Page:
Ford announced today that as of 2018, it will no longer build its Focus compact and C-Max hybrid at the company’s Wayne, Michigan factory.

According to an article in Automotive News, the manufacturer either doesn’t know or simply isn’t saying where it will shift that production, but the most likely answer is to Mexico, where it could build the Focus alongside the subcompact Fiesta at its Cuautitlan plant.

The Focus is the number one-selling vehicle worldwide, but Ford feels confident it can continue to meet demand given it has eight more Focus-focussed factories on three other continents.

Mexico’s auto manufacturing industry is booming these days, thanks to its inexpensive labour costs and proximity to the consumer-crazed vehicle markets in the U.S. and Canada. Honda recently began building its third-generation Fit in Mexico, adding to an already deep roster of brands with Mexican factories, like Fiat Chrysler Automobiles, Mazda, Volkswagen, Nissan, and of course, Ford. Audi, BMW and Mercedes-Benz have Mexican plants in the works, as does Kia, whose first North American production facility will be located there.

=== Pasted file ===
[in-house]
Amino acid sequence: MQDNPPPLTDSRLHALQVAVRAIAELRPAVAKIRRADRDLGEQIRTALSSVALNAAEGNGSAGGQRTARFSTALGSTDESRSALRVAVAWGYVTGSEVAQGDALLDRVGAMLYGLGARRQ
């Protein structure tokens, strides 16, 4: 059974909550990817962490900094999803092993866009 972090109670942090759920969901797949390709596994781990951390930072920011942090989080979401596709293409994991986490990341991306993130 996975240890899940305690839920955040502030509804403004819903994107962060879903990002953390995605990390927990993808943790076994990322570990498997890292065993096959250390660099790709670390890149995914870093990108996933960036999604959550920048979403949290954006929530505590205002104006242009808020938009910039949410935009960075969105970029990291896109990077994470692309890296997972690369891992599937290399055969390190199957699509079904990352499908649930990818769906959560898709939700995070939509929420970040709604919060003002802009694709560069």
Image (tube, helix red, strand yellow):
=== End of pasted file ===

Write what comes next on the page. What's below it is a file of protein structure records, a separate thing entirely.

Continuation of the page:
Once Ford reveals where–if anywhere–it will shift Focus production away from Wayne, the next question is what will move into that factory. It’s an old facility, having opened in the late 1950s, but Ford spent a boatload of money upgrading it in 2010, after shipping Expedition and Navigator assembly to Kentucky, and prior to moving the Focus’ tooling into the place.

Is it possible Focus production could come to Canada? We’d love to hope so, but Ford’s Oakville plant likely has its hands full building the Edge, Flex and Lincoln MKX and MKT crossovers there. That said, the Focus outsold the Edge and Flex combined in Canada in 2014, and moving Focus production here would be a nice nod to a Canadian market that’s not shy about its affinity for small cars, which comprised seven of the top 20 sellers here last year.

2015 Ford Focus ST

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